Also, the mobo you chose only has a max of 8gb of RAM. I don't like that. If I upgrade the rig, or if I get a good pro tools interface, I may need the extra RAM and I don't want to have to change mobo's


i'm sorry if a 150 dollar gpu and a 3x better cpu, as well as a better looks, better airflow isnt worth the 60 dollars, As for the 8gb of ram, what do you expect to be doing eh? Do you use photoshop for a living? if so you shouldnt be making a budget pc. 8gb of ram is more then enough ram to handle anything gaming wise as well as most programs, hell usually 4gbs is more then enough. as for a wifi adapter, spend 5 on a usb adapter, and wallah you got a 5x better computer for cheaper, and guess what, all those parts have manufatures warranties that will cover them, when you send your computer back to get fixed, that's all they do is replace the part and rma the broken one.
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April 21, 2013 7:22:44 AM

oh and who said you had to go with the mobo i chose, this was a just for instance, you can build a computer for far cheaper with way better specs then you would going with a prebuilt.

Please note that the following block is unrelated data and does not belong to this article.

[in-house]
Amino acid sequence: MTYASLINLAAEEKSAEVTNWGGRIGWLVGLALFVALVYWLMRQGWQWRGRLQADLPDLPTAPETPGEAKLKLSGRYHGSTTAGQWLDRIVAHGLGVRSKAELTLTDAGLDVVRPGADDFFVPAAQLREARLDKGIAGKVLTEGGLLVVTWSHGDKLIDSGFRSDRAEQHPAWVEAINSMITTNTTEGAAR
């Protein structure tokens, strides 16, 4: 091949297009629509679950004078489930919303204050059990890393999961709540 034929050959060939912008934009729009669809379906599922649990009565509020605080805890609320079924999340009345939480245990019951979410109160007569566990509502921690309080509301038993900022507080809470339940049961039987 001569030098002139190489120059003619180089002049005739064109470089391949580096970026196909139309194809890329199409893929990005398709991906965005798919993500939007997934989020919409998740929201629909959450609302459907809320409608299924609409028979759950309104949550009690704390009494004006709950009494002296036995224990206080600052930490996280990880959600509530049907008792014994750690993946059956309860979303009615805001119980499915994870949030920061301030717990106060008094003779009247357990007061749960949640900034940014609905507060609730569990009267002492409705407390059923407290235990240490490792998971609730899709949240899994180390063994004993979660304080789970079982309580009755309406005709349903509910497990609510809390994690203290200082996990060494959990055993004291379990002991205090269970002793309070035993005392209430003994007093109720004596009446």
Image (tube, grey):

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April 22, 2013 1:58:27 PM

HillBillyAsian said:
MattBeastblood said:


You forgot the Wifi adapter. I wouldn't by a PC without it, it will be needed at some point, and I use Wifi. So that brings it to 580, through Ava Direct, same basic confifguration (with better PSU, mobo, HDD) it's 643. In my opinion building a PC isn't worth saving 60 bucks, I expected it to be more worth it. Ava gives a 3 year warranty, and the experienced people there can do a much better job that I can.